Montenegro said the affirmative action programs which started out to outlaw discrimination now actually promote it. He said the measure, if approved, would truly create a level playing field, at least in government programs.

Others, however, defend the system of preference points.

In a statement of opposition to Proposition 107, Lea Peterson, president of the Tucson Hispanic Chamber, said studies have shown that firms owned by women and minorities "may lack key procurement business relationships and consequently be left off of preferred vendor lists without such a system."

But five southern Arizona Republican legislators, in their own statement of support, said the aim of the measure is to ensure equal treatment.

"All these government preferences are saying is women, minorities, people of color aren't good enough to create a natural, genuine diversity on the merits," said Sens. Frank Antenori and Al Melvin and Reps. David Gowan, Ted Vogt and David Stevens. "No person should be entitled to ‘special' programs solely based on their race or sex."

The measure contains an exception for any action necessary to maintain eligibility for any federal program if doing otherwise would result in a loss of federal dollars to the state. It also would not apply to any court orders or consent decrees in force if and when the measure is enacted.

Goldwater Institute: New health care law forces affirmative action on medical schools

President Barack Obama’s new health care law doesn’t just radically transform our nation’s medical system; it contains provisions that require discrimination on the basis of race.
It starts at page 516 of the more than 2,000 page law, in a section that allows the Obama administration to give grants and contracts to training hospitals and medical schools. In awarding this federal money, the law requires the administration to give preferences to hospitals and schools based on the racial makeup of their student body. Moreover, hospitals and schools who receive these federal funds must engage in race-based student recruitment as well.

In several letters to Congress, the U.S. Civil Rights Commission called on Congress to reject these discriminatory provisions and consider “proven methods of improving health care outcomes.” But the Civil Rights Commission said forcing medical schools to use race-based admissions policies assumes differences in the health of people from different races are caused by a shortage of doctors from those races. This misdiagnoses the problem, the Commission said, pointing to studies that show health care disparities do not result from a lack of medical professionals of particular races.

Further, the Commission stressed that congressionally-mandated affirmative action is likely to be thrown out as unconstitutional.

Certainly, attracting talented people to medicine is a worthy goal. But individuals should not be singled out and given special benefits based on their race to reach that goal. Likewise, the Obama administration should not force hospitals and schools to recruit students based on race to obtain federal money.

There is something we can do right here in Arizona to ensure equal treatment under the law. The Goldwater Institute is working in federal court to strike down the entire health care bill. Also, Arizona voters will consider Proposition 107 during the Nov. 2 general election. Called the Arizona Civil Rights Initiative, Prop. 107 offers an amendment to the state constitution that forbids race-based policies for any taxpayer-funded agency or program. The citizens of Arizona have the power to say “yes” to equal opportunity for all Arizonans, and “no” to unfair and unlawful policies that focus on anyone’s race or ethnic background.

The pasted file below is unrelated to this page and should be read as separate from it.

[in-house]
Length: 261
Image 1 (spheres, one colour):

Diane Cohen is an attorney with the Goldwater Institute Scharf-Norton Center for Constitutional Litigation.

Learn More:
Goldwater Institute: Coons v. Geithner
Proposition 107: The Arizona Civil Rights Initiative
The Patient Protection and Affordable Care Act: pp. 516-21; 538-551
U.S. Civil Rights Commission: Letters to Congress

AZ Capitol Times coverage

Some excerpts from the article -

Ward Connerly has carved a career, and a reputation, out of striking down affirmative action, starting with university programs in his home state of California. Now Connerly and his American Civil Rights Institute are bringing the fight to Arizona.

Proposition 107 seeks to amend the Arizona Constitution to ban state government and municipalities from giving preferential treatment on the basis of sex, race, color, ethnicity or national origin. This includes everything from state-funded programs that help women and minorities in areas where there is a disparity, such as science education, to hiring quotas in the state university system.

The programs are designed to correct inequities in gender or race, but Connerly thinks they’re just another form of discrimination.

“Why should anybody’s tax money be used to discriminate?” he said. “I wouldn’t want anyone discriminating against me.”

During his tenure as a University of California regent, Connerly took aim at race-based admission preferences and was the public face of a 1996 ballot initiative in which California banned race and gender preferences in state-funded programs and institutions.

Since then, he has led successful efforts in Washington, Michigan and Nebraska to make the practice illegal in state and city hiring and university admissions.

Connerly’s message is underscored by a notion that equal treatment is the essence of civil rights. His Sacramento, Calif.-based American Civil Rights Institute contends that government policies shouldn’t advocate group rights over individual rights.

Connerly said there is a simple solution for these programs the opposition claims would be eliminated. “All they have to do is admit anybody,” he said.

The language of Propositon 107 does exempt “reasonably necessary qualifications based on sex, existing court orders and actions that would result in the loss of federal funds.”